Often now I can use pain as a hard-earned and invaluable tool that can open the door to further acceptance and healing. It can be a thermostat to indicate my internal weather. It can be a compass for my journey. Perhaps physical, psychological and spiritual transformation for me is just a very long process of cleaning house. No great epiphanies or blissed-out states of enlightenment, just the joy of the lightening. I am simply a traveler who must be on this journey of healing as surely as I must breathe. Freedom has many faces.
                                               -Arline

Meditation Contemplation on Working With Pain and Difficulty

It is the truth which liberates, not your effort to be free.
                                                                                    -Krishnamurti

Pain and difficulties are learning opportunities. To get in touch with what is troubling you and to open to it with wisdom and compassion, here is a basic exploration exercise that I often include in the workshops and classes I conduct:

  1. Find a time when you have nothing you have to do and when you will not be rushed or interrupted.
  2. Sit in a quiet space in a relaxed position. You may wish to close your eyes.
  3. Tune in to the rhythm of your breathing, being aware of each intake and outtake breath.
  4. Notice the body relaxing and the mind becoming calm.
  5. Allow yourself to be open and receptive.
  6. Begin to ask yourself a few questions, and patiently listen for the response from your inner wisdom: (a) If my symptom, issue, or pain has a meaning and a message, what might that be? (b) Have I suffered by my reaction and response to it? What have I added? (c) Is it asking me to let go of something? Can I accept the things I cannot change? (d) Is there an opportunity and lesson in this situation? Where is the healing?

Ask one question at a time. Do not rush from question to question. Do not judge the answer. Know that you may get different answers at different times when you do the exercise.

7. After you have asked all the questions, wish to send compassion to your difficulty and to yourself.              Imagine opening your heart to receive and welcome your wounded parts and the burdens they                    carry. Embrace them with mercy and awareness by gently and slowly repeating the following                        phrases (or use your own meaningful phrases): (a) I care about my difficulty. (b) I welcome my                    difficulty into my        heart of compassion. (c) I accept you, my difficulty, just as you are with                      unconditional friendliness. (d) May I have courage and be free from fear. (e) May I be peaceful                    with what is happening. (f) May I be free from suffering.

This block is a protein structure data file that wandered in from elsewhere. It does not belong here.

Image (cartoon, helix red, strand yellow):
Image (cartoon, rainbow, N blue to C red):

8. Repeat these phrases as often as you wish.
9. Slowly open your eyes, and gently move your body.
10. Take a minute to feel what change, if any, this exercise has brought about in your physical and                     mental perceptions of the pain or difficulty you were working with.

When pain is touched with compassion, all suffering dissolves.
                                                                                                    -Stephen Levine

Conclusion

In conclusion, the following poem was written by a patient who taught me about courage to face painful truth and to change one’s life—that in the heart of the pain is the healing:

The Power in My Pain
Joan E. Salzberg

My pain has shaped my life
With contours of compassion
Through loss and sorrow I have known

My pain has changed my life
With unsought understanding
Of grief and anger and of shame.

My pain has led my life
With an awakening spirit
Upon a path of inner light.

My pain has shown the way
To find forgiving peace
Within a gentle, loving heart.


Dr Paul Epstein, ND

Dr Paul Epstein ND

Dr. Paul Epstein, ND is an international teacher and speaker with more than 25 years’ experience in mind-body integrative medicine and its clinical application. As a teaching expert in mindfulness-based mind-body therapeutics, he integrates the “classical” naturopathic principles with his background and training as a mindfulness meditation and Buddhist Dharma teacher, interactive guided imagery guide, yoga instructor, and internal family system psychotherapist. As a practitioner, he integrates a whole-person integrative approach with contemplative psychotherapy, guiding each patient’s self-healing journey and connecting with his or her spiritual path. He maintains a private practice in Westport, Connecticut, and mentors healthcare professionals to integrate mind-body therapies in their life and clinical work. He specializes in treating patients with chronic and stress-related disorders and mind-body syndromes, transforming pain and illness into a journey of self-healing and an opportunity for spiritual awakening and happiness.

References

1. O’Hara D. Heal the Pain, Comfort the Spirit: The Hows and Whys of Modern Pain Treatment. Philadelphia: University of Pennsylvania Press; 2002.

2. Sarno J. The Mindbody Prescription: Healing the Body, Healing the Pain. New York, NY: Warner Books Inc; 1998.

3. Schubiner H. Unlearn Your Pain: A 28-Day Process to Reprogram Your Brain. Pleasant Ridge, MI: Mind Body Publishing; 2010.

4. Kritsberg W. Adult Children of Alcoholics Syndrome: A Step-By-Step Guide to Discovery and Recovery. New York, NY: Health Communications Inc; 1985.

5. Harrison G. In the Lap of the Buddha. Boston, MA: Shambhala Publications Inc; 1994.

6. Tworkov H, Goodman T. Lotus in the fire: an interview with Gavin Harrison. Tricycle Buddhist Rev. Spring 1996. http://www.tricycle.com/interview/lotus-fire. Accessed May 27, 2011.

7. Kornfield J. A Path With Heart: A Guide Through the Perils and Promises of Spiritual Life. New York, NY: Bantam Books; 1993.